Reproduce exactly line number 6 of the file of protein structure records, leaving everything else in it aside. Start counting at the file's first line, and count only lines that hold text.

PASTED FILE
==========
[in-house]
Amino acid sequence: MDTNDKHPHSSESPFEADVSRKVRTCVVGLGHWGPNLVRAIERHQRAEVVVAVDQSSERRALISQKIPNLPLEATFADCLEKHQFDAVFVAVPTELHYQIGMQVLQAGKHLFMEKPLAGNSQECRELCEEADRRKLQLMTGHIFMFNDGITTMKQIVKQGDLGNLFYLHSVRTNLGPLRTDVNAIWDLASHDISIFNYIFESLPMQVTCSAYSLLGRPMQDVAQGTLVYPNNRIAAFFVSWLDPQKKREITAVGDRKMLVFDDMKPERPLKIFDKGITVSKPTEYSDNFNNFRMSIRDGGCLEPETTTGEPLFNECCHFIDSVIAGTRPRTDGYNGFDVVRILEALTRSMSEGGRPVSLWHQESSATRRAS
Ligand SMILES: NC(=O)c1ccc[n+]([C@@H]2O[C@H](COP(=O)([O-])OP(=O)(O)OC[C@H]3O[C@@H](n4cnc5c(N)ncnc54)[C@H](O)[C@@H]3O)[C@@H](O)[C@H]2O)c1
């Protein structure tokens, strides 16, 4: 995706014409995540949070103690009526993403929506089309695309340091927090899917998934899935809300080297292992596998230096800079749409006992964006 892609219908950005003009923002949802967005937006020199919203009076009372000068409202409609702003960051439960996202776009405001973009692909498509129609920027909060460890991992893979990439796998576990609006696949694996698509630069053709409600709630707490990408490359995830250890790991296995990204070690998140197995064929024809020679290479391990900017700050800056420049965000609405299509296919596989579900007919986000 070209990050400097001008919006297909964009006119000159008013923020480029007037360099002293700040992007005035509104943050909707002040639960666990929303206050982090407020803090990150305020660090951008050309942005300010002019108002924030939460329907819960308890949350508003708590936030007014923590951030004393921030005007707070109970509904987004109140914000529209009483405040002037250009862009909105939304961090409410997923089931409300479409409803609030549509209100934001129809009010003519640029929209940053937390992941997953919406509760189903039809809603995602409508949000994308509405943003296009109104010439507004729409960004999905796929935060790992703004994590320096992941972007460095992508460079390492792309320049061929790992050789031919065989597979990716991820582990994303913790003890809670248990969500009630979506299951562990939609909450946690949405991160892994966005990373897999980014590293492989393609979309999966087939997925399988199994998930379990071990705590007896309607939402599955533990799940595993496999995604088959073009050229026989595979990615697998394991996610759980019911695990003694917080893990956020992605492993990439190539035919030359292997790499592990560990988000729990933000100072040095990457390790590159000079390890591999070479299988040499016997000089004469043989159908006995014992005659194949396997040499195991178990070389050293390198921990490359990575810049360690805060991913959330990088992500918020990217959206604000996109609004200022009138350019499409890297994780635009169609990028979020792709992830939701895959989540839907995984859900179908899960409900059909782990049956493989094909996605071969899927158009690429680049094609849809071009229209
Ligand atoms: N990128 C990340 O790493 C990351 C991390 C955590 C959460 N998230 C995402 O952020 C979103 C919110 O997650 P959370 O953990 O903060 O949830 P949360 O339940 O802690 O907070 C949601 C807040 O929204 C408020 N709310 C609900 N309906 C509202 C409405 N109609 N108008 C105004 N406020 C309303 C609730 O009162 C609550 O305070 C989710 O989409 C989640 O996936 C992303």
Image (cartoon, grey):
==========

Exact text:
Image (cartoon, grey):